Relation to motivation
South East Wales Water Headquarters requested this report, to investigate the concerns made by the headquarters regarding the productivity level at their call centre. Management Consultant O. M did the report, and the purposes are to undertake an analysis of the motivational techniques currently employed at the call centre to evaluate the efficiency and effectiveness of the methods employed, a set of relevant conclusions and to suggest a series of recommendations which support the ways of improving motivation at the call centre.
A call centre is a telecommunications system, provided by some of the organisations as a part of their customer service. Answering queries, selling products and many other purposes could be the main duties for a call centre. Staff is especially trained to deal with the system, which is based on telephones and computers. One of the corporations (1) described the call centre: using the call centre makes sense for many businesses. Your customer’s calls are always answered professionally.
They are not left hanging on the phone or kept within from a business point of view, it means you do not have to worry of under utilized over head with staff simply waiting for a call. In call centres, people skills come first before the use of technology, and in this report the people who work in the call centre is the issue that will be looked at in relation to motivation. There are several motivational techniques currently employed at the call centre. The first one is the Team leaders distribution, which provide a direct supervision over the Customer Service Representatives (CSRs).
Secondly the number of (CSRs), where a relatively big group of people share the work (teamwork). Thirdly, come the breaks offered by the management in order to reduce the pressures made on (CSRs) during the course of his/her shift. Next productivity monitoring commenced by Human Recourses staff, which give the employee the sense that he/she is monitored by the senior management, so the employee will be motivated to achieve more, as well as the big screen placed above the workstation, which visible to all (CSRs) and display the productivity i.
e. the number of calls waiting. This will make the process more organised and will spread the competition between the individual (CSRs). Finally, comes the reward system adopted by the call centre management, which is used as a side promotion scheme to increase the level of both motivation and productivity. The techniques used above seem to be unbalanced and strict to some of the employees. This appears to match the opinion that says: no hard and fast rule as what motivates, as well as we are individuals and are motivated by different things.
Motivating factors often change as we move through our life. The job vacancy provided to staff in this organisation that provides a secure, major and maybe the only source of income to people live in the locality, could be motivated by itself. Maslow (2) would appear to support the above in his theory, the safety need section. Being assured of adequate sustenance and shelter, an individual will then look for a measure of security, of protection against lowering of living standards, of his job and of the fundamental physiological elements of life.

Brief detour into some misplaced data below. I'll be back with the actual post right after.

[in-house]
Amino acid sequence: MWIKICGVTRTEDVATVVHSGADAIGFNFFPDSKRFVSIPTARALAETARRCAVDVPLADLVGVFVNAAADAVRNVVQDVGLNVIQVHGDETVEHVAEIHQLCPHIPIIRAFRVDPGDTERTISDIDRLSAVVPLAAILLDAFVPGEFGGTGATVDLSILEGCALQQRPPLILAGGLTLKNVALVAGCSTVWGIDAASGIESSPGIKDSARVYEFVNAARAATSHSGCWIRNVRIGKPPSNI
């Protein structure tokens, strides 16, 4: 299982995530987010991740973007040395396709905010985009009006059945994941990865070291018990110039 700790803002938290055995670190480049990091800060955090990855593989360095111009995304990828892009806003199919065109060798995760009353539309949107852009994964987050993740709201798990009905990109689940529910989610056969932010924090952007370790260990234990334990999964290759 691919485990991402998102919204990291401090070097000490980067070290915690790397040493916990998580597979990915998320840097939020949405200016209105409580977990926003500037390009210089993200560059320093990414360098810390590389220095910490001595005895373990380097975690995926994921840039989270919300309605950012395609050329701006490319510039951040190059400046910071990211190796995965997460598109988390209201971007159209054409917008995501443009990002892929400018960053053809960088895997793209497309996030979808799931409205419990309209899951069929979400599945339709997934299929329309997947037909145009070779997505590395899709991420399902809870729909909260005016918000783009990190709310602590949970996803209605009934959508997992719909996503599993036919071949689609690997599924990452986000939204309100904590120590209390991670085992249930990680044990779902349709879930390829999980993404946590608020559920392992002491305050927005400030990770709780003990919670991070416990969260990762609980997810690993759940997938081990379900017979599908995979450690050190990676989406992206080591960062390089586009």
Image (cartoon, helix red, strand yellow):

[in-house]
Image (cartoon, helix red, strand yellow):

The Team Leaders distribution in the call centre with their direct supervision, and productivity monitoring done by Human Resources staff could be an extra pressure that has been put on the employee in addition to the current ones. Some could interpret the sense of being watched and followed al the time in the course of employment as a trust or even harassment. However, D. M. McGergor would appear to agree with the management action. In his Theory X, he stated that mangers sometimes have to persuade, coerce, reward or punish employees in order to achieve the organisation main goals.
In other words, people cannot be trusted without supervision. In Taylor’s (3) principals of management, he stated that the organisation is like a living organism and the degree of centralization versus decentralization depends on the organization’s needs. The need in this situation is to control and monitor the achievement of relatively a big number of employees. The breaks offered by the management between what could be described, as a long working hours shift is an issue to be raised. This could be classified under the hygiene factors in F.
Herzberg theory, which will lead to dissatisfaction in their absence. It is important to bear attention to the comfort of staff in the organisation. In this call centre, long working hours, limited breaks and the Saturday compulsory shift all could lead to dissatisfaction by employees. Further more, the permission that to seek from the team leader, could lead to a sort of complications, as it will be given according to the availability, and not necessity. Finally, the reward system adopted by the call centre is one of the major issues to tackle.
The high numbers of calls that have to be dealt with are inadequate to the amount of reward, from some point of view. This could be one of the major reasons for the high percentage of staff turn over, and the low team spirit, which was very noticeable. Maslow believed that in the Esteen need, self satisfaction through achievement recognition and feeling adequate is of a major importance, and the failure to achieve that often lead to a sense of inferiority and a lowering of morale. Poor statistics can be read about the sufficient numbers of calls dealt with by staff to achieve the reward system.